The son of Jacob Grimmer, Abel Grimmer is primarily known for his small paintings of country scenes, which often form part of a series of the Four Seasons or the Twelve Months of the year. The tradition of these series can be traced to the cycle of The Months by Pieter Bruegel the Elder, dated 1565 (Vienna, Kunsthistorisches Museum; Prague, Narodni Galerie; New York, Metropolitan Museum of Art). Killing the pigs would then have been associated either with winter, as it is in a cycle of four tondi illustrating the seasons, signed by Abel Grimmer and dated 1596 (private collection, Germany; see R. de Bertier de Sauvigny, Jacob et Abel Grimmer. Catalogue raisonné, Brussels, 1991, p. 202), or with the Month of December, as it is in a series of tondi depicting the twelve months signed by Abel Grimmer and dated 1606 (private collection, Belgium; op. cit., p. 214, pl. 22). This composition, with its high viewpoint, marked foreground and receding landscape behind, is characteristic of Abel Grimmer, as are the apparent naivety and the numerous scenes that depict, with great interest and humour, the peasants' life in the late sixteenth century.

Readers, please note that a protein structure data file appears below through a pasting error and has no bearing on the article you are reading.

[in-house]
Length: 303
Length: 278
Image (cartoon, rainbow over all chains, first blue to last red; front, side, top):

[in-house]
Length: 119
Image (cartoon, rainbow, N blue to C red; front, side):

René Smadja was a successful businessman in the Parisian après-guerre. Born in Tunis in 1901, he arrived to Paris in 1948 and quickly bought a Hôtel particulier on rue Adolphe Yvon, in the elegant area of La Muette. The house was filled with exceptional
French furniture from the 18th century stamped by Bernard van
Risenburgh (BVRB), Claude Chevigny, Charles Topino and Guillaume Beneman. René's brother, Henry, owned Combat, the famous intellectual newspaper in which Albert Camus, Jean-Paul Sartre, André Malraux and Raymond Aron contributed several articles.
The rest of the collection of the late René Smadja will be offered at Christie's, Paris, in Art Impressionniste et Moderne and Important Mobilier et Objets d'Art on 3 and 19 December 2007 respectively.